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51. The Secretariat introduced document RFB/II/2001/7 which highlighted recent developments in consolidating ecosystems approaches into fisheries management. It was recognized that such approaches were still at an early stage of development by regional organizations competent for fisheries and marine and coastal environment. As there were a number of major Regional Seas Conventions in force, and many RFBs involved with management of oceans and their resources, there was a need to strengthen cooperation and coordination between these bodies. In this connection, the Secretariat referred to activities undertaken by RFBs as summarized in Annex 9 of the document.

52. The Representative of the United Nations Environment Programme (UNEP) stressed the interest of this agency of the UN system to strengthen relations between RFBs and regional and global organizations concerned with aquatic resources and environment. He recalled that when this issue was discussed at the Third Meeting of RSCs in Monaco in November 2000, the meeting endorsed the proposal for increased coordination of activities with other international organizations and, in particular, RFBs.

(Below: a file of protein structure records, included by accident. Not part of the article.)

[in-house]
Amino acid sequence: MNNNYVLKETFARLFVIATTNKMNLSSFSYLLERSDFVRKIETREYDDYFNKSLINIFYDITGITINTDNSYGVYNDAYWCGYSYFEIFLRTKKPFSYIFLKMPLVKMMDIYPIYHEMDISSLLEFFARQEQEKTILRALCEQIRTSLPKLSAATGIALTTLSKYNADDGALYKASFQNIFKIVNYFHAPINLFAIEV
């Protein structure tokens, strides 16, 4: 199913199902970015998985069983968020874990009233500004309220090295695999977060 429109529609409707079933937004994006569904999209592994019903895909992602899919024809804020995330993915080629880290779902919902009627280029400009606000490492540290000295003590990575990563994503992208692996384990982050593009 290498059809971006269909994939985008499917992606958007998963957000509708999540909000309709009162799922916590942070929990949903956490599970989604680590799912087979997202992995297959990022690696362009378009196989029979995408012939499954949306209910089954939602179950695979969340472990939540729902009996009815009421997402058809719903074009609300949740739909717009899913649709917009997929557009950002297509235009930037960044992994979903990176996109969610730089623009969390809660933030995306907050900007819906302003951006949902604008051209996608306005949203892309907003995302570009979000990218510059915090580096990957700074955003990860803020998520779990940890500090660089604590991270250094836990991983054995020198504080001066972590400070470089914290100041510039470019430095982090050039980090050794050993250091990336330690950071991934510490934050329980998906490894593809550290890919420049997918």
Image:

53. The Representative of IBSFC, referring to Agenda 21, informed the meeting that a programme of work was prepared jointly with other regional bodies dealing with the Baltic Sea marine environment. A Global Environmental Facility (GEF) project for the Baltic Sea region which might start this year for a five-year period had been designed. The project had two components: one marine-based component and one land-based component. The main objective of this project was to secure a healthy ecosystem and sustainable fisheries development.

54. The Representative of ICCAT noted that, although his organization was not mentioned in Annex 9 of document RFB/II/2001/7, ICCAT had been carrying out environmental-related activities including work on associated and independent species and by-catch. A scientific sub-committee had been created to deal with these issues.